The cellular organelles doubled in number, the DNA replicated, and protein synthesis occurred. The chromosomes are not visible and the DNA appears as uncoiled chromatin. Prophase Plant Cell Animal Cell The chromatin condensed and the chromosomes became visible. The nucleolus disappeared, and the spindle forms and attaches to the centromeres of the chromosomes. Early and late prophase can be seen. In late prophase, the chromatin has condensed into chromosomes, the nucleolus is gone, and the nuclear envelope has been removed. Metaphase Cells
Plant Cell Animal Cell The nuclear membrane fragmentation is complete and the duplicated chromosomes lined up along the cell’s equator. Anaphase Cells Plant Cell Animal Cell Diploid sets of daughter chromosomes separated and were pushed and pulled toward opposite poles of the cell. This was accomplished by the polymerization and depolymerization of the microtubules that helped to form the mitotic spindle. Telophase Cells Plant Cell Animal Cell The nuclear membrane and nucleoli reformed, cytokinesis is almost done, and the chromosomes uncoiled to chromatin.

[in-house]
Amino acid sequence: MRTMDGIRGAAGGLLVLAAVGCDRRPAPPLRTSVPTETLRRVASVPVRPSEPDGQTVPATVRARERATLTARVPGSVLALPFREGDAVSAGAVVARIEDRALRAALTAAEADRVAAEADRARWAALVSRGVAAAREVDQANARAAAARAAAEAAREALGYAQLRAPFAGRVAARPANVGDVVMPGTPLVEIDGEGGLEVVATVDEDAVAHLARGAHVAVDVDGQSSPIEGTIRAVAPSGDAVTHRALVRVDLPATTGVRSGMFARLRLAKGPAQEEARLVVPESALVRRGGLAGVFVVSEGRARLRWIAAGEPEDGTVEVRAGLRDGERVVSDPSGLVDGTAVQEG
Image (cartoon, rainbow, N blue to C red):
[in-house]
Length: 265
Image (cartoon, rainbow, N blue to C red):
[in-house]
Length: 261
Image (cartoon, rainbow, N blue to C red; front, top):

Daughter Cells Plant Cell Animal Cell The daughter cells formed and constructed a new dividing cell wall between them. Each daughter cell received a copy of the genome of its parent’s cell. Analysis of Results, Activity A: Observing Mitosis 1. I can infer that the two cells came from the cell a long time ago because they have similar organelles. 2. Two ways that mitosis differs in the cells of animals and higher plants is in cytokinesis and right before prophase. In plant cells, there is a pre-prophase right before prophase takes place. . A) Nuclear envelope disappears in prophase; nuclear envelope reappears in telophase B) Mitotic spindle forms in prophase; mitotic spindle disappears in telophase C) Chromatin condenses into chromosomes in prophase; chromosomes unwind to form chromatin in telophase D) Centrosomes are at opposite ends of the cell in metaphase E) Nucleolus disappears in prophase 4. The three sub phases of interphase are the G1 phase, S phase, and the G2 phase. In the G1 phase, cell synthesizes proteins and produces cytoplasmic organelles.